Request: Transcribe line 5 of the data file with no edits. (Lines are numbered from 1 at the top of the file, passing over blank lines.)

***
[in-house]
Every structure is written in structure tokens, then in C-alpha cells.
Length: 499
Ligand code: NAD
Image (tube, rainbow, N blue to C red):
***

Image (tube, rainbow, N blue to C red):